19 December 2010

Where the snow-covered Mountains of Mourne sweep down to the sea

The snow-covered Mountains of Mourne, seen from Red Island, Skerries, this afternoon (Photograph: Patrick Comerford, 2010)

Patrick Comerford

It’s four weeks since I was in Skerries and since I last had a walk on the beach.

In the intervening weeks, the demands of full working weekends, a joint performance of excepts from Handel’s Messiah by the choirs of Christ Church Cathedral and Saint Patrick’s Cathedral, and some heavy snow falls have stopped me from getting out onto the shorelines of Fingal.

I was in Portrane and Donabate last weekend for the baptism of my cousin’s baby son – in the same church my grandparents were married in over a century ago. But a working weekend left no time for a walk on the beaches in either place.

Today is the Fourth Sunday of Advent, and Canon Aisling Shine was the preacher at the Choral Eucharist in Christ Church Cathedral, Dublin, this morning. The setting was Sir Lennox Berkeley’s Missa Brevis, first performed in Westminster Cathedral over 50 years ago in 1960. Berkeley (1903-1989) studied with Stravinsky and Ravel, and his students included John Tavener. The anthem was ‘A spotless rose’ by Herbert Howells (1892-1983), best known to many for his large output of Anglican church music.

There had been a thin fall of snow throughout most of Dublin last night. After the Sung Eucharist two of us, undeterred, headed out to Skerries for lunch and a walk on the beach.

I was last in Skerries on 21 November. Since then, the 70 or 80 trees lining Strand Street and Church Street have been decorated with Christmas lights, the monument has been turned into a beacon of Christmas lighting, and the shops are abuzz with Christmas excitement.

There was a little breeze of snow as we made our way into to the Olive Café on South Strand Street, which was full to the door with customers. Their mixed baskets make ideal Christmas presents, and here they make the best double espresso in Fingal.

Then it was out onto to the South Beach for a brisk walk. The snow was gone again, the tide was out, and there was a beautiful shimmer on the water. Overhead, an air-sea rescue helicopter was practising its manoeuvres.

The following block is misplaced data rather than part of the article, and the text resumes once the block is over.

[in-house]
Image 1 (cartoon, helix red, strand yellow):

As we walked up the steps and up around Red Island, the Mountains of Mourne came into view – sweeping down to the sea, they were covered in snow. The harbour was quiet, almost lonely. As we headed back onto the South Beach, a moon that was almost full had risen high, and it seemed the evening light was lingering a little longer than you might expect in the deep mid-winter.

Winter creates a quiet afternoon at Skerries Harbour (Photograph: Patrick Comerford, 2010)

In Gerry’s, I picked up the Sunday newspapers and the latest edition of the Skerries News, which gives proper praise to the Skerries Chamber of Commerce for raising the money to light up the town this Christmas.

As we were leaving, snow was falling on Skerries once again. Within hours the town was covered in a blanket of snow, snow on snow, in the bleak mid-winter.

This has been a good and deeply spiritual and meaningful Advent. I’m looking forward to tomorrow evening’s Service of Nine Lessons and Carols in the cathedral; I’m looking forward to the Midnight Eucharist in the cathedral on Christmas Eve; I’m looking forward to celebrating Christmas. But this country is in the grip of an Arctic freeze and after a few weeks of cold and snow, I’m not looking forward to a white Christmas.

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